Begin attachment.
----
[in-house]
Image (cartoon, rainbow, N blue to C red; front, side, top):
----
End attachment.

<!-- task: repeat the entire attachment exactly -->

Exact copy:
[in-house]
Image (cartoon, rainbow, N blue to C red; front, side, top):